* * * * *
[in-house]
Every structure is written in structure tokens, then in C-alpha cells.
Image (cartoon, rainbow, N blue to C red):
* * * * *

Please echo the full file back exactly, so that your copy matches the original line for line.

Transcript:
[in-house]
Every structure is written in structure tokens, then in C-alpha cells.
Image (cartoon, rainbow, N blue to C red):